“There is fraud and abuse in medical aid claims as well. We need to look at the governance of the fund, the transparency of decisions and governance. We will need to solve corruption at each level. We can have all the technical systems in the world to deal with corruption at low levels. The way it is formulated at the moment, board members are appointed by the minister, advisory committees are all appointed by the minister, there is no space for civil society. We need to work structures in that they are less susceptible to maladministration and corruption,” she said. 

Crisp said he hoped that Parliament would take many of the suggestions made to improve the legislation seriously. “My job is to put as much of the administration in place as possible. We must be vigilant. We need accountability and transparency,” he said.

“We talk like there are only problems in the public sector. There are many problems in the private sector. I can give you legitimate case by case information on people being forced to lie to medical aids to get access to healthcare,” he said.

“We must make it simpler and far more transparent. I would like to see every transaction, as far as possible, to be placed in the public domain. I am under no illusions that this is going to be a walk in the park. You can’t squeeze a banana ripe. You must do it bit by bit. 

Responding to a question by Heywood about “terrible looseness” with which public funds are managed, Crisp said he could not suggest that the NHI would “get rid of corruption”.

“It is incumbent on us to design out corruption, fraud and maladministration. Patients steal from medical aids all the time and so do health practitioners – but the system doesn’t pick it up. You must have a system where [suspicious] amounts are flagged and bells and whistles go off. We already have that in [the NHI] system – to limit payouts to a correct amount,” he added.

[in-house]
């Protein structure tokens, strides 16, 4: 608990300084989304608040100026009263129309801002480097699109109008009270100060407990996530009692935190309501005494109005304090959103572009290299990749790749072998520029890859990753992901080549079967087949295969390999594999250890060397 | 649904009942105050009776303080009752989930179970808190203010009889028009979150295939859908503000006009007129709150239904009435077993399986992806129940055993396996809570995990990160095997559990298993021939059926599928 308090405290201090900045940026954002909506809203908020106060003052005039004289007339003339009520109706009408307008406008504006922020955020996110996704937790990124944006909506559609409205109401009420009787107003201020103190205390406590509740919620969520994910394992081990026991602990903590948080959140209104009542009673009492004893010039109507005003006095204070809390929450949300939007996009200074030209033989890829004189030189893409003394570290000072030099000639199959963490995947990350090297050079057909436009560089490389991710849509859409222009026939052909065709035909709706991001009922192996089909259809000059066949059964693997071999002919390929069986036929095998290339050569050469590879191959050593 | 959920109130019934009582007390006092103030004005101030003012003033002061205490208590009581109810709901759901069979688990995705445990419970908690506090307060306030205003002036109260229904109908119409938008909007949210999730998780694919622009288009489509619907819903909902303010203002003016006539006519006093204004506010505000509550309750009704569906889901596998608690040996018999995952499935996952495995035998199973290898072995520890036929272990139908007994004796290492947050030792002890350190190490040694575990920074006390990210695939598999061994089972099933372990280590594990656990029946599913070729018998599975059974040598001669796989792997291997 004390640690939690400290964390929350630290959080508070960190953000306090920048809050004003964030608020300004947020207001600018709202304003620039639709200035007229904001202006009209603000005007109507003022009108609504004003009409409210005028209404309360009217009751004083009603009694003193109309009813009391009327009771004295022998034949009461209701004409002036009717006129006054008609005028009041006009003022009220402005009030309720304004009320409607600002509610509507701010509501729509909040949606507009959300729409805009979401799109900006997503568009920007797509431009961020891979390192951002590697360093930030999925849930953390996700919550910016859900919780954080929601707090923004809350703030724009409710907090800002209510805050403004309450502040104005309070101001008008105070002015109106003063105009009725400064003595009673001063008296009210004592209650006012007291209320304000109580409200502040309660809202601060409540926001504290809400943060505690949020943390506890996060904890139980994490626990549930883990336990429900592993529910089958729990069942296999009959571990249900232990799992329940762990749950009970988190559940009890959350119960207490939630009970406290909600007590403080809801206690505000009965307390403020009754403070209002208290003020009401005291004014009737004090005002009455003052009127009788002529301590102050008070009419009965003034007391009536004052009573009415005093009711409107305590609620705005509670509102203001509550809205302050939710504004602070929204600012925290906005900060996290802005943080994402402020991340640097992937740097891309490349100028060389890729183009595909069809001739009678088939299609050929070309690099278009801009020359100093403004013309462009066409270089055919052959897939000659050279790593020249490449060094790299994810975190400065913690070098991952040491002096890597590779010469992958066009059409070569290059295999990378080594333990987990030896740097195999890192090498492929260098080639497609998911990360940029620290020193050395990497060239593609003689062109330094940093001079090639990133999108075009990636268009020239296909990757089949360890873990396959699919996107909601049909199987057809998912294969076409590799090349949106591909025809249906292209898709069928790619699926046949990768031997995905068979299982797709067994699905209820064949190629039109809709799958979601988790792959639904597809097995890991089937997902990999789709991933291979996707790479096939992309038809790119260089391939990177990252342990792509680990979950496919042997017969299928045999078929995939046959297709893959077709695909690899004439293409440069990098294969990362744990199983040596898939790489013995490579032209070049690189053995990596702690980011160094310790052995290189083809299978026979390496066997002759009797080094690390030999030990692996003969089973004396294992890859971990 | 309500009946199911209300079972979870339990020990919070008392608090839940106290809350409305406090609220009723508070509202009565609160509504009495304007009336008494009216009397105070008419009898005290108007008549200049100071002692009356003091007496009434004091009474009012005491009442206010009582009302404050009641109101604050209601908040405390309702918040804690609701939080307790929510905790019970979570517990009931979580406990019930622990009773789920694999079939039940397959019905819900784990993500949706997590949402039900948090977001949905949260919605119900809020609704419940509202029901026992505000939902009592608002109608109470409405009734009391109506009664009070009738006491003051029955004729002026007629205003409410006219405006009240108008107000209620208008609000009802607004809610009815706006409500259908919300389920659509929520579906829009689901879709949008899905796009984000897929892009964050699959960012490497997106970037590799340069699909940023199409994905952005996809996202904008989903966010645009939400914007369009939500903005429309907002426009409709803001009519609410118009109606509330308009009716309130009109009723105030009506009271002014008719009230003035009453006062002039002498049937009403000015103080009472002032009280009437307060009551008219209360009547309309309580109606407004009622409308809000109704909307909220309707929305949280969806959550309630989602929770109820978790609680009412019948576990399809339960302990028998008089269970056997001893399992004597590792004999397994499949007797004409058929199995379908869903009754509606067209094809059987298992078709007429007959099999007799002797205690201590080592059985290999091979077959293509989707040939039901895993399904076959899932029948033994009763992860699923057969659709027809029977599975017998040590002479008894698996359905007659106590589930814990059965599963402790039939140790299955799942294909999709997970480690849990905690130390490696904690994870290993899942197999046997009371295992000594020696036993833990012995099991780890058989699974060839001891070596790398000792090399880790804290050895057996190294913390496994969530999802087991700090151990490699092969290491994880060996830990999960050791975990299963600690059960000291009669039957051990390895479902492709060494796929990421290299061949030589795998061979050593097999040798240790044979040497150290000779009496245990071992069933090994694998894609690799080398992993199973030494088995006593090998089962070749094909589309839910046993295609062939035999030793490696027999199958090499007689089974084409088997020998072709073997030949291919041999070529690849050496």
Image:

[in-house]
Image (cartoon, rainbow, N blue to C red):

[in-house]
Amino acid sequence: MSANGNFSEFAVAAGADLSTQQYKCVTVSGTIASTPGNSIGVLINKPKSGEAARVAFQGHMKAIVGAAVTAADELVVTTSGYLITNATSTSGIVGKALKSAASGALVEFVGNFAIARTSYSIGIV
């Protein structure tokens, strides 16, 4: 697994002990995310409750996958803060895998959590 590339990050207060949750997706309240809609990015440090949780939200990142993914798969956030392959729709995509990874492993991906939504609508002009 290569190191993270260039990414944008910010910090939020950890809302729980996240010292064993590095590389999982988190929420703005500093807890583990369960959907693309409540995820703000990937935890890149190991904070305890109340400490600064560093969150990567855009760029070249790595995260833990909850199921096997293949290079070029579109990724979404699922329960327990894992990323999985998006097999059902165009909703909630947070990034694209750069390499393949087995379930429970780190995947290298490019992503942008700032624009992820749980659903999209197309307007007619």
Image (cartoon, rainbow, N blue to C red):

He said they were in consultation with banks to learn from their systems. “But people still steal from them. You can’t completely exclude fraud and theft. We can minimise it and deal with it immediately. We can have internal and external flags and investigation. We are going to work with the Special Investigating Unit for fraud and corruption to be reported immediately and to investigate if payments should be allowed.

Stevenson said corruption happened everywhere. Consequence management had been sorely absent in the health system for a long time. “We need the political will to change the way public funds are dealt with,” she said.

“I am an eternal optimist,” Crisp said. “Nothing is different anywhere else. If we leave the health sector like it is running now it will implode. You can’t just leave it like that. It has serious design flaws,” he said. 

“Do you step back and say [the health system] will still be sick when I die? Or do you step back and say it is not ok. That is the point of departure,” he said.

“What do we do to fix the situation? You are welcome to differ. I have decided that I want to be part of the solution. We will do everything we can to block the corruption, stealing and fraud. I also watch the Zondo Commission. You can’t just say it will happen and do nothing. 

Stevenson said the best thing that citizens could do was to get involved in opportunities for public participation. She said civil society should advocate for these opportunities. “We must do what we can to take action.”

“But can ordinary people be the guardians of a national health system?” Heywood asked.

“They have not been empowered,” Stevenson said. “We as civil society have been trying to take it on. We talk to people about the NHI. There has been a lot of spin about it. People are looking for change, but any time something changes it is attributed to the NHI. We need better information and also allow for public participation. We can’t do that alone. We need more real information on what the NHI will look like.”

Crisp agreed, saying that he did not think that the public was even close to understanding the NHI.

“The information in the public domain is horribly wrong and skewed. There are fights between those with vested interests. Since 1984, nothing has changed in the public health system. I got a report from Butterworth hospital the other day and I wanted to cry. It is the same as what I have battled with in 1984. We need a communications manager dedicated to the NHI. We must design and have proper communication plans,” said Crisp. DM/MC